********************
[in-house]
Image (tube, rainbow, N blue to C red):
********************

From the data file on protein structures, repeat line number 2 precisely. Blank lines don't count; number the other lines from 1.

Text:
Image (tube, rainbow, N blue to C red):